In 2023, only 34 percent of creative roles in animation are held by women, according to the nonprofit organization Women In Animation. Within that 34 percent is Indigenous Boricua filmmaker Alba Enid García-Rivas.
Thanks to her father, a well-known director of photography on the island of Puerto Rico, García-Rivas became immersed in the world of film at a very young age. “My father was one of the cameraman pioneers. He was the director of photography for many telenovelas and stuff like that. Iris Chacón and La Lupe and all these greatest artists from Puerto Rico knew him because he was the go-to cameraman and the director of photography,” she tells POPSUGAR. “Since I was 2 years old, I was involved with him. He brought me to the TV station. He taught me, ‘This is how you do special effects. This is how you do a green screen.’ He coached me, my brother, and my sister. We all grew up with that.”
Being exposed to this world attracted a young García-Rivas to explore acting, which led her to study the craft further at the University of Puerto Rico. While attending the university in the ’90s, García-Rivas was exposed to the rise of computer animation. It fascinated her, and she realized that this was the path she wanted to take. Leaving acting behind, the filmmaker-in-making packed her things and took a flight to New York and transferred her credits over to the School of Visual Arts (SVA) in 1997 so she could begin taking courses in stop-motion animation.
After graduating with honors, García-Rivas landed her first job in the animation industry. “I did my thesis in stop-motion. And then at the end, I think a year after I graduated, I was hired by MTV to work as an animator on ‘Celebrity Deathmatch,'” she says. But “Celebrity Deathmatch” – an adult stop-motion claymation series – was canceled in 2002 after six seasons. It was a harbinger of changes to the industry, and many stop-animation studios in NYC began to slowly disappear.
“They weren’t making money because the computer animation industry started to explode. There were no jobs,” García-Rivas remembers.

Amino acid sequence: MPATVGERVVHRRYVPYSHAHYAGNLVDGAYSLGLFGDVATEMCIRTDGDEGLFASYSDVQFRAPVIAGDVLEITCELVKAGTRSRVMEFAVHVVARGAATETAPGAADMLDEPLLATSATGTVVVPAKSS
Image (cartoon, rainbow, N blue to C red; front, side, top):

It was around this time that García-Rivas decided to focus on her artistic skills as a director. She also wrote screenplays, which revolved around character design. And she traveled the world going to conventions, where she sold her original puppets.
With puppet creation and stop-motion skills in her toolkit, this Indigenous Boricua filmmaker eventually returned to the camera and began working on stop-animation passion projects, which now includes an award-winning short inspired by Puerto Rico and her fourth film, which came about per a request from her daughter who was 7 years old at the time. The 13-minute long film, based on the book “Dangerously Ever After,” took García-Rivas seven years to make and is set to release this spring.
“This film has, I will say, about 16,000 pictures. It’s 24 frames in a second. For four seconds, it will take you about six hours of being there, moving and taking a picture, then moving [again], and making sure the increments are moving the correct way. And a lot of accidents can happen, [and] you have to start again,” she explains.
“It took seven years to build, to do because life happens,” she continues. “It’s done in my basement studio and life happens, so I have to do it at my own pace. This is an indie film all the way, but the quality looks like it came from one of the biggest studios.”
That hard work has been paying off. García-Rivas is the winner of this year’s 21 Islands International Short Film Fest Award for her work on 2018’s “Dak’Toká Taino (I Am Taino),” an animated short film about a young Taíno girl who visits her abuelita in Puerto Rico after Hurricane Maria.
And García-Rivas is setting her sights on greater accolades. She’s hoping and preparing for a 2024 Oscar nomination bid for “Dangerously Ever After,” which is based on the award-winning children’s book by Dashka Slater of the same title and tells the story of Princess Amanita, who laughs in the face of danger and tackles obstacles with a bouquet of sniffling noses. The film is in final production right now and is slated to release later this year.
“We are going to release it in festivals first. We’re going to try to do Sundance and Cannes Film Festival, because this is a strategy to follow, if you really want to go there [the Oscars],” she says. “And I’ve been qualified a few times, but this one I really, because it took seven years, I really want to take my time to have a shot.”